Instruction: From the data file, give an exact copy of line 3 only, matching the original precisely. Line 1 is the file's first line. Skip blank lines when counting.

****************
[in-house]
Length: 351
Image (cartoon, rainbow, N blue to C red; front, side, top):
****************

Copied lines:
Image (cartoon, rainbow, N blue to C red; front, side, top):